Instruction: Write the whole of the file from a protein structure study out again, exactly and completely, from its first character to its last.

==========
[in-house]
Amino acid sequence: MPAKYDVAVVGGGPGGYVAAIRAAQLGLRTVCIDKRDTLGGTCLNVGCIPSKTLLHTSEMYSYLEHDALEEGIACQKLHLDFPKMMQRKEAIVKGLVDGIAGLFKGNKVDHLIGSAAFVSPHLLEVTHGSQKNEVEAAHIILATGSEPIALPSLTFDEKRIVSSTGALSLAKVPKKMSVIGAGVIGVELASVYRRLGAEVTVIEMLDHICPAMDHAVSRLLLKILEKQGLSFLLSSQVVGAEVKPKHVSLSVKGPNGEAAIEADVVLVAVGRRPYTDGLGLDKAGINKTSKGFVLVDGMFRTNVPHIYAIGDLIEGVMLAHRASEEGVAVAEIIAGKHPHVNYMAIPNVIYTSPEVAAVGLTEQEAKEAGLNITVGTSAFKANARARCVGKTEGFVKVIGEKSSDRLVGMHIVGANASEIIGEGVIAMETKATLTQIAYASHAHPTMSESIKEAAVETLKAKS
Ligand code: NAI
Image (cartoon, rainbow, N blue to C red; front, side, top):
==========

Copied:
[in-house]
Amino acid sequence: MPAKYDVAVVGGGPGGYVAAIRAAQLGLRTVCIDKRDTLGGTCLNVGCIPSKTLLHTSEMYSYLEHDALEEGIACQKLHLDFPKMMQRKEAIVKGLVDGIAGLFKGNKVDHLIGSAAFVSPHLLEVTHGSQKNEVEAAHIILATGSEPIALPSLTFDEKRIVSSTGALSLAKVPKKMSVIGAGVIGVELASVYRRLGAEVTVIEMLDHICPAMDHAVSRLLLKILEKQGLSFLLSSQVVGAEVKPKHVSLSVKGPNGEAAIEADVVLVAVGRRPYTDGLGLDKAGINKTSKGFVLVDGMFRTNVPHIYAIGDLIEGVMLAHRASEEGVAVAEIIAGKHPHVNYMAIPNVIYTSPEVAAVGLTEQEAKEAGLNITVGTSAFKANARARCVGKTEGFVKVIGEKSSDRLVGMHIVGANASEIIGEGVIAMETKATLTQIAYASHAHPTMSESIKEAAVETLKAKS
Ligand code: NAI
Image (cartoon, rainbow, N blue to C red; front, side, top):